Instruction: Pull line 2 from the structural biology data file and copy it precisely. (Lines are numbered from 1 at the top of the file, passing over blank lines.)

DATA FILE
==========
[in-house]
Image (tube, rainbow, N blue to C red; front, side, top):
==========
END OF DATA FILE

Image (tube, rainbow, N blue to C red; front, side, top):